Utah Man Reunited With Horse After 8 Years Apart
News General Equestrian
Monday and Tuesday went like any other week, training horses in the morning and taking care of my family in the afternoon.
All the excitement began with Wednesday, with Aria and I going to the Death Valley Encounter. I was very happy to have Kathy with me and it got even better when, Tuesday night, Sonia Deerinck told me she had decided to join us.
Wednesday, I woke up at five. Went to the barn early to work Misty and headed for Vivian Thwaits's barn at seven forty five to work Skye, Mama and Luca. John Thwaits was going to feed them lunch for me, so I could leave for the ride. At 10:30 Sonia and I met Kathy in Escondido and began our four and a half hours drive up to the desert.
The Mojave Desert is a magical place, I love going there to ride, but I honestly say I would not be able to live there, it is a very tough and rough natural environment. After the rain it becomes green, and one could think that the new vegetation is tender and fragile, but if you touch it you find how tough and thorny things are to be able to survive in the extreme desert weather.
One of my first times riding there, I accidentally touched a twig with one of my knees, making a four inch tear in my riding pants. Since then I have learned to respect all that surrounds me, and this time I brought it to the extreme when Aria and I climbed up the Slate Range. ....but now I am still talking about the trip!
Kathy with her truck and travel trailer followed me to Trona, and we arrived at base camp, at the Trona Country Club. We found a great spot for our camp, at the end of the row of trailers, and next to other riders who had put up big corrals for their horses, on the sandy ground.
Sonia and Kathy helped me set up an electrified pen for Aria. It was the first time she would spend the night in an electrified enclosure, and I was very nervous about it, given her ability to get free from any kind of tack. Last week she got out of her endurance bridle without damaging it and calmly came to look for me in the tack room, since I had just left her in the cross ties, attached by the halter.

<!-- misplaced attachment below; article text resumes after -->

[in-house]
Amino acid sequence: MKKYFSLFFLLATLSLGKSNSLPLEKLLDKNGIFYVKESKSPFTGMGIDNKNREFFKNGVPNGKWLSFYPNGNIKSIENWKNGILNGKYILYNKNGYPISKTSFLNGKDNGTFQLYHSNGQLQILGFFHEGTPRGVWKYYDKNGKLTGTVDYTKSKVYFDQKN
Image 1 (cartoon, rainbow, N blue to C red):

We watched Aria while setting up camp and she seemed to be fine, until she touched the wire and ran in a circle kicking up in the air, then she stopped and stretched her nose out, to test the wire one more time. She did not touch it again, instead she immediately settled and began eating her hay. Shortly after I took Aria to the vet check and was pleasantly surprised by how she approached every water trough when we were walking through camp and drank from it. She passed the check with As and a great attitude.
At seven I went to the ride meeting with Kathy, who was very curious about endurance and came to listen to our pre ride briefing. This was my first time at the Death Valley Encounter, but I rode many times in the Duck Rides, that are managed by Annie and Dave Nicholson. They do a fantastic job at organizing the rides, and I feel very safe when I am riding because it seems that Dave knows where each rider is during the whole time we are out on the trail. Several times while riding in the "middle of nothing" I would see his Jeep driving up to us and checking on how we were doing.
Going back to the ride meeting, all was pretty clear when we left the clubhouse. I was already looking forward to sleeping in a warm trailer, instead of the back of my SUV, as I normally do at endurance rides. It had been a very long day and I needed all the rest I could get to be ready to ride. Kathy, Sonia and I went to bed early, and I woke up at four to feed Aria her mash and make sure she was ok. The trail was on very difficult and rocky terrain with a severe climb and it was Aria's second ride. A month earlier she had kicked the corral bars and caused a rough spot at the hairline on the left hind heels, I chose not to wear hoof boots because I knew it would have caused a sore, but I also did not know how the terrain was going to be. In hindsight I am happy about my decision, it made it so I had to slow down and walk, even in certain parts where I could have gaited. It made so Aria learned to be an awesome trail horse, in fact when we are on rough terrain she lowers her head and watches carefully every step.